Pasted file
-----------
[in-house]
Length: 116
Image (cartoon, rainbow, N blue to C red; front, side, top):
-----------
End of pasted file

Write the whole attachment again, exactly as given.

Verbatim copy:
[in-house]
Length: 116
Image (cartoon, rainbow, N blue to C red; front, side, top):